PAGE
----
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Business file sharing was once limited to the exclusive domain of on-premises servers and appliances. But free and low-cost consumer cloud storage options now abound, and they are beginning to integrate with email to make file sharing easier than ever.
Cloud storage makes it very easy for business users to share files with a simple link in an email. Users were long baffled by the arcane set of rules and folder structures imposed and enforced by IT, so many created their own workarounds, emailing files back and forth between the parties to share them. When IT fought back, limiting attachment sizes, prohibiting certain file types, inspecting/quarantining mail content and imposing mailbox quotas, some workers retaliated. Bypassing the corporate email systems, using Gmail and other services with fewer restrictions, larger email boxes and generous attachment allowances put business file sharing back on users' terms.
Recently the worlds of email and cloud storage/file sharing have become intertwined in a curious way. Google, one of the largest email service providers, also offers online storage with Google Drive and has married Drive and Gmail. When a user attaches a file bigger than 25 MB (and as large as 10 GB), Gmail automatically prompts the user to upload the file to Google Drive. Gmail then embeds a URL pointer to the file in the email instead of the file itself.
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Mozilla Thunderbird, the open source email client, has a similar feature called Filelink. Filelink is storage-provider agnostic, and users can choose to send files to YouSendit, Box or UbuntuOne. Citrix Systems' ShareFile has a Microsoft Outlook add-in that converts an email attachment into a URL that points to the file on the ShareFile service. Other cloud storage providers offer similar add-ins for Outlook.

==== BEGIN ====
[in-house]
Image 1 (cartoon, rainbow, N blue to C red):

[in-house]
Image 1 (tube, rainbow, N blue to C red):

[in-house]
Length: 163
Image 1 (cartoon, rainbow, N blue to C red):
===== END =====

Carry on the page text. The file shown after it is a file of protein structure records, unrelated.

For the end user, email provides an easy, effective way to do business file sharing. It happens without tapping the complexity of the corporate file server share or even using the folder-based clients of Dropbox, Microsoft SkyDrive and others. IT pros have long lamented that their email servers are de facto file servers for the masses -- a function the servers are clearly not designed to excel at -- and are understandably concerned that sensitive information could leak because cloud storage offers little in terms of safeguards.
A reexamination of the use case for the venerable file server is warranted. The file server is now clearly in danger of imminent extinction, and there are several reasons:
- File servers can be utterly inflexible in dealing with today's highly mobile worker. If a user wants access to share files with a coworker, he must install a virtual private network client, submit to an intrusive scan of his PC, and even then he can't share files with people not in his domain.
- Home PCs, Macs and mobile devices, such as tablets and smartphones, often lack the capability to retrieve files from a private network file server. Files on these devices often aren't backed up or secured for the same reason.
- Project-based workers often do business file sharing with others -- contractors, vendors and other nonemployees -- ad hoc. Yesterday’s file server technology compels the IT department to referee permissions and access to the files in a painfully slow and costly manner.
Businesses can adapt to their workers' needs by providing the flexibility of a public cloud storage service such as Dropbox while still preserving the security of corporate files. There are cloud services available that get the best qualities of both. These services can store files in the public cloud highly encrypted with centralized administration for IT. They can also provide secure, controlled access to an array of devices and Web browser choices to access the files from anywhere, all without much of the cost and complexity of a traditional file server.